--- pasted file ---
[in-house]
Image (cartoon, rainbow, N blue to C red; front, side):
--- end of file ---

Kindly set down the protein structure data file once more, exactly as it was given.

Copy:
[in-house]
Image (cartoon, rainbow, N blue to C red; front, side):